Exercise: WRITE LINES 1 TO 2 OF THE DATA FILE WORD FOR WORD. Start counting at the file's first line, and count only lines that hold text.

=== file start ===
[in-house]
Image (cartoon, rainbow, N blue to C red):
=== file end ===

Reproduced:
[in-house]
Image (cartoon, rainbow, N blue to C red):